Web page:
The Beast's Seattlement, Skins, Transaction Monitors

Do you ride Tandem?

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Letters Hello, hello, hello. And a hello and Thank-You to reader "DeeKay", writing from the Liechtenstein, who sends us this note:

Well, you guys obviously love making up new words for current IT-events and companies, eg Itanic, SirCam-Merger, Fluffybucks, Chipzilla, The Beast etc!...

How about calling the M$/DOJ Settlement a "Seattlement"?

So simple, and so true. And universally applicable, too. DeeKay, we'll henceforth adopt the word Seattlement for any kind of shame-faced, gutless cave-in.

While we're dealing with the use and abuse of language, Brazilian reader Leandro Guimarães Faria Corsetti Dutra - and how that must make one enviable fistful of a monogram for one's personal cufflinks - sent us this to put us straight.

Years of writing about objects and middleware makes us lazy, but as Leandro points out...

While you correctly point out that BEA dominance has much older roots than the current web app servers, you fail to note that it is older than CORBA too -- in fact, it comes from the Tuxedo TP monitor.

Not only that, TP monitors are still dominant in the industry, because CORBA has failed to live up to (its) promise, and will be short until we have widespread availability of some standard object models such as Bonobo in the Gnome desktop and any other ones in various server spaces. Not only that, it is probable that the object orientation model won't fit every space, case in which we'd want the old TP monitors to be around for ever and ever.

Not to mention that both ORBs and app servers sometimes just look like glorified TP monitors created by programmers with minds confused by hypes, instead of systems and software architects.

So give due credit to Messrs Chris J Date, Hugh Darwen, Fabian Pascal and Lee Fesperman, at http://www.firstsql.com/dbdebunk/, and countless, superb books and articles from whom I got much of my database, transactions and anti-hype ideas -- not forgetting the father of us all, EF "Ted" Codd.

Which we're glad to do. But hang on, didn't Jimmy Treybig found Tandem to make money from TP monitors, and the new fangled relational databases in the mid-1970s? Tandem is now a mere Compaq URL, but The Register can find places to put this stuff right, so Tandemites, please write in. And remember, as far back as 1997 CNet was still referring to clustering in inverted commas

But the kids don't know this, their heritage lies forgotten and covered with dust, and the only thing that grabs the attention of shallow journalists (hopefully, we're the shallowest, too) is Eye Candy.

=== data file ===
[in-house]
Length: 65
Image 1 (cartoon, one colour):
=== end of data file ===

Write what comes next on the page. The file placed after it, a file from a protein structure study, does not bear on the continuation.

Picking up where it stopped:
When the US military commissioned four skins (we've heard that gag so many times, don't even THINK about pointing it out...) for the Windows XP Media Player, Dan Halford wondered they might be:

This sounds about right - a healthy blend of jingoism and publicity-seeking. However, I have a couple of suggestions of practical ways in which these cheap way to gain a few column inches could be used by the mighty US military:

US Marine Corps
Skin contains a VERY large volume control with a number of settings on it: loud, very loud, extremely loud, and sergeant major. Also would prevent the user from playing anything other than self-effacing ditties praising the US Marine Corps as the best fighting-force known to mankind (well, Americans - which in their view is the same thing).

US Air Force
Skin has a custom gun-sight mouse-cursor and neat animated buttons all shaped to look like the ENEMY. Users would be encourged to use their gun-sight to click or shoot the ENEMY buttons, rather than bits of the interface that look like their own people. In addition, instead of an X to close the application down, you could use a nice picture of your average Chinese Embassy.

US Navy
The skin would include lots of pictures of macho sailors with numerous gorgeous women. Any area in which a macho sailor appeared in close proximity with another macho sailor would, when clicked on, of course close the application down immediately.

US Army
The skin would include pretty pictures - the kind seen on murals on walls in first-graded elementary school walls showing the letters of the alphabet. This would be enormously beneficial to the average US Army user. In addition, it would contain several custom message boxes that the user would have to OK to during installation and use. These could be: "We Won in Vietnam", "We Won in Nicuaragua", "We Won in Haiti", "We Won in Cuba", "We Won ..." ... this list goes on and on.

Of course, you could have other skins devoted to sections of the US military. Delta Force could have an entirely black skin with no error-reporting mechanism, only an auto-uninstall feature when it encounters a problem. The Submarine Corps could have a skin shaped like a Japanese trawler, so they no what to look out for next time...



Scathing stuff. Only, since there's a war on, this probably isn't the best time to point out that the US was fined $11 billion for illegally mining Nicaraguan harbors (a fine subsequently waived by the Nicaraguan government). But some folk are pedants for details. So we'll mention it just the once, and we'll move on...

Two hot topics this week - the ruminations of Watergate jailbird Chuck Colson, and something about Yahoo, French judges, and the First Amendment.

Are they connected? Heavens to Betsy, we hope not. Mail your missives to the Editors, or to your mailbag editor, which is me. ®

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